Megapixel and high definition (HD) IP cameras, the Cognac and brandy of cameras, are becoming more popular. To ensure there is no confusion, not all megapixel cameras are HD, but all HD cameras are megapixel. HD cameras are megapixel cameras, but also meet HDTV standards. As with so much in the security camera sector, it all depends on pixels – the number of them in this case.
In the early 2000s, a changing of the guard occurred in the electronics industry. Standard definition, which had been the de facto technology for many decades, was joined by high definition. Standard definition (SD) refers to a digital video signal at either 640 x 480 or 704 x 480 lines of resolution.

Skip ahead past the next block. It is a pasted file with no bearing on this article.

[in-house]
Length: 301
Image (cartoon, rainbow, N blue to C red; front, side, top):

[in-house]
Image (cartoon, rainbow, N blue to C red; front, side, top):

Typical resolutions of cameras
Megapixel network cameras for security surveillance and remote monitoring applications boast more resolution and, therefore, higher quality images. Megapixel units can range from 1,3 to 5, and higher. For most applications, the workhorse is the 1,3 megapixel camera. There are more of these than any others installed. It is the cost effective hook – in addition to price, a 1,3 megapixel camera gives two times (2x) the horizontal field of view of a standard definition camera.
The very high megapixel cameras – 7, 10, and 14 – are aimed at special applications and are not intended for general surveillance. They require more bandwidth and more storage plus the higher resolutions often do not operate at high frame rates, in some cases only at 1-2 fps.
Advantages beyond analogue